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I listened for the fourth beat and felt how, as it passed, my entire body seemed suspended.

1-12-2011, 8:42 pm—Deceased brought in from snow. After signing transfer form, delivering officer, Deputy Desmond Fogle [#347], makes crass remark about deceased’s ‘knockers’ before surrendering Oklahoma state license with the name ‘Heidi Gordon’ printed beside an approximate picture of the deceased. I examine picture, and for a fleeting moment believe it might be a practical joke. I scrutinize Deputy Fogle’s features; they are bent towards the clipboard in my hand. He yawns impatiently, waiting for me to sign off so that he can take a nap on the side of the highway somewhere. I scribble my name in appropriate blank and stand poised above her while he exits. Have not looked closely at the body until now, but the resemblance is stunning. Her skin is blue and her features mute. It is not possible for her to be the same person, but that fact does not interest me. I close my eyes, forget what I know—try to see how far I can stretch the suspension of disbelief.

*

“No more reading,” I remember saying.
“Lots more reading,” she responded. I lay on her chest in her room, beneath a canopy of shade created by her book. We both had an organic chemistry test in the morning, although, unlike me, she was determined to study. I readjusted my body, rested my fingers against the parts of her I knew were ticklish, hoping to distract her without her realizing. No use. I continued to lay with my ear pressed against her chest, listening for every fourth heartbeat. I kept time with my finger against her breast, lightly tapping until I came to the fourth beat, which I held in the air, hovering above her nipple until the rhythm resumed.

“Hey!” she said, suddenly realizing what I was doing.

“Weirdo.”

“I’m not a weirdo.” She closed the book and sat up, shifting so that now she was on top
of me. “What do you need, little boy? Are you looking for attention?”

I nodded.

“Do you feel neglected?”

I nodded again.

“Well, come here, little darling, and let mommy make it all better.”

I grabbed her by the waist and rolled her over so that her back pressed firmly against the carpet, kissed her and pressed with my tongue against her teeth.

“Little boy!” she said with mock astonishment. “What on earth will the neighbors think?”

“Knock it off,” I said, and kissed her again. This time she softened and relaxed into it, her body arching against the floor as I fumbled with her pants’ button. We messed around, and afterwards I laid on top of her again, head against her chest, listening to the quickened rhythm of her heart and counting once more the missed beats.

“What does it feel like when your heart skips a beat?” I asked.

“How should I know?”

“It’s your heart.”

My eyes focused on a freckle on the inside of her left breast, watching it blur and regain focus as I drifted in and out of thought.

“I’m surprised it doesn’t make you feel anxious.”

“What would I be anxious about?”

“Complications.”

I had not meant to say it—that was my anxiety, not hers—but now that it was out, I continued: “Your heart sets the rhythm for the rest of your body. If that rhythm isn’t stable, your body’s like a band with a fucked up drummer. Like free jazz or something.”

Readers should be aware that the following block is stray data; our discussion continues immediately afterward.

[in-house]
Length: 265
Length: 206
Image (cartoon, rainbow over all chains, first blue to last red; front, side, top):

“I like free jazz,” she smiled. “And besides, my rhythm is stable, it’s just different. More interesting, you could say.”

I listened for the fourth beat and felt how, as it passed, my entire body seemed suspended, as though my own heart were waiting for hers to start beating again.

“And besides, isn’t it all just perspective anyway? What if it isn’t a lapse, but a pause—a four p.m. siesta before the factory doors open again and everything starts anew, refreshed?”

“However you want to look at it.”

“I think that you could use a siesta.” She smiled and crawled on top of me, positioned her ear against my sternum and held her hand over my stomach, began slapping it rapidly once she’d dialed into my heartbeat. I tried to inhale, to breathe deeply and force my heart rate to slow, but her fingers continued to slap my belly at the same blinding pace, until the skin there began to flush.

“See there?” I said, grabbing her hand and pulling her up onto my chest. “Totally dependable. Never misses a beat.”

She smirked.

1-12-2011, 11:16 pm—Wife calls to ask when I will be home. Late night, I tell her, which is a kind of code the other has learned not to question. I circle the table. ‘Heidi’ lays upon it, still dead. I stare at her from different angles. Karen died years ago, but my mind cannot stop postulating the improbable. I imagine one scenario after another; far-fetched sequences of events to justify how the girl I once knew might have ended up on the table in front of me. As if it mattered. A corpse is a corpse… but even as I think it, I know it is not true. Late night. Sleep has been scarce. Deputy Fogle [#347] has advised that I practice thinking about nothing. Is this the same as not thinking? Have tested this method on several occasions now, lying in bed next to well-meaning wife, thinking about not-thinking, about the color black; thinking about the globules of color radiating on the inside of my eyelids, and about many things in a fevered, stream-of-conscious fashion, trying to convince myself that I already am dreaming. The result is a waking nightmare. Method is faulty. Late night. Even the freckle on the inside of her breast is where it should be, although the breasts themselves have swollen over the years. My breath catches and I look away. It can be awkward, surrounded by naked bodies. One feels there is some haunted part of them still capable of objecting. I look at her again and decide that this one, at least, does not mind.